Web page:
How to use a whetstone
A particularly gentle and effective way of sharpening your knives is to maintain their edge using a whetstone. Wüsthof whetstones are made up of a combination of abrasive grits with a super fine grain to give you the sharpest results. Here’s how to use a whetstone to keep your knife collection in top condition.
What is a whetstone?
A whetstone is a knife sharpening tool with two different sides: one with a fine grit and the other with a coarse grit. The coarse grit is used to grind away any roughness – this is the pre-sharpening stage. The fine grit is used to give the knife its ultimate sharpness and to polish the edge – this is the fine sharpening stage. The finer the grit of the stone, the finer the edge of the blade.
How to use a whetstone
Submerge the whetstone in water for about five to ten minutes to soak. When there are no more little air bubbles appearing, the stone has absorbed the optimum amount of water.
Continue to apply water to the stone while sharpening. The water combines with small particles released from the stone to form an abrasive substance, which allows the sharpening to take place.
Place the stone on a slip-resistant base, like a non-slip whetstone holder, with the coarse grit facing up.
Hold your knife firmly against the coarse grit of the stone and place your blade at an angle of approximately 15-20° to the whetstone. To get this angle, invest in a Sharpening Guide Slider or place your knife at 90°, halve this to 45° and halve again. It’s important to always maintain the same angle throughout the sharpening process.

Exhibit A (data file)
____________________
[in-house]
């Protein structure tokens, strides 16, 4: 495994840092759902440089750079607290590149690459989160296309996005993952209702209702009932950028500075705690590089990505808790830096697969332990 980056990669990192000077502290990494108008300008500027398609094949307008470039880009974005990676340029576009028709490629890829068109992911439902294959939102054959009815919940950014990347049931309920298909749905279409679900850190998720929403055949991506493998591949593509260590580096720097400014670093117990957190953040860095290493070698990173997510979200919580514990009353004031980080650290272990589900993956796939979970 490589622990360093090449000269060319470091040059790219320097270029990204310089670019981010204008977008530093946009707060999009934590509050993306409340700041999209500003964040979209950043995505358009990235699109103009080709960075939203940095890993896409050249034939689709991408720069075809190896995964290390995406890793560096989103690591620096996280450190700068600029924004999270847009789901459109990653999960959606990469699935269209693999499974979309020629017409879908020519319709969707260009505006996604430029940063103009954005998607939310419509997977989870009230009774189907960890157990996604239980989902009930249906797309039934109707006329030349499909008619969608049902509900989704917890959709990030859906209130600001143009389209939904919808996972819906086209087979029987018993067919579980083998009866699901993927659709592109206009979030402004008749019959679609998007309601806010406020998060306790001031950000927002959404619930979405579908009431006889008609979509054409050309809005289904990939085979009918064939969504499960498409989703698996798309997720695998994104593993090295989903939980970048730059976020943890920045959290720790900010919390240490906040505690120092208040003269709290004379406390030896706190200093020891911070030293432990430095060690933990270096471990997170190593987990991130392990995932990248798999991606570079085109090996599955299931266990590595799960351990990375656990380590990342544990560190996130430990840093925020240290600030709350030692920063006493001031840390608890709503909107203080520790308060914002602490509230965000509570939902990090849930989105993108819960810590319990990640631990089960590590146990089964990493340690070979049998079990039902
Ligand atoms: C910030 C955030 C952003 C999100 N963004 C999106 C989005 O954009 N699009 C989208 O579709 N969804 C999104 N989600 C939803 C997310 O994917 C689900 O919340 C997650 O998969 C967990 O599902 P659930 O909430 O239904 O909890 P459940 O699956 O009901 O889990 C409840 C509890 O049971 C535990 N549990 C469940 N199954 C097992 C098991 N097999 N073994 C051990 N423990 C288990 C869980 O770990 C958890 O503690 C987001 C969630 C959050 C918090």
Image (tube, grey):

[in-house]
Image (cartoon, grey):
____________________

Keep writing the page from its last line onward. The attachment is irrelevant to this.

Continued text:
Next, place an even and gentle pressure on your knife and draw the blade along the stone from tip to hilt. Repeat a couple of times. Then turn the knife over and repeat on the other side. It’s vital to repeat exactly the same process on both sides of the blade.
Turn over the whetstone and repeat the process on both sides of your knife using the finer grain.
Rinse off the whetstone and clean off the grinding residue.
Rinse the knives carefully in hot water.
There are fixed standards for grit sizes – a European standard and a Japanese standard. These are abbreviated to (F) or (J). The smaller the grit value, the coarser the stone. The Wüsthof 4451 Whetstone, for example, has a coarse side with a F 400 / J 1000 grit and a fine side with a F1000 / J 3000 grit.
Mastering the technique of sharpening with a whetstone will ensure that you get the most out of your blades for many years to come. Head this way to browse Wüsthof’s full range of whetstones and accessories.